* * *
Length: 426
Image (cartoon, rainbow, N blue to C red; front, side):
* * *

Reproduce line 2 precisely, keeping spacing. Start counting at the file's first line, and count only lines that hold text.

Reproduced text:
Image (cartoon, rainbow, N blue to C red; front, side):